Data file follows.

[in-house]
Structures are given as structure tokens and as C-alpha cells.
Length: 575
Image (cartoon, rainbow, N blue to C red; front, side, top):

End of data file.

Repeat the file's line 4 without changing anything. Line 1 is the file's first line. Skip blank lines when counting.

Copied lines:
Image (cartoon, rainbow, N blue to C red; front, side, top):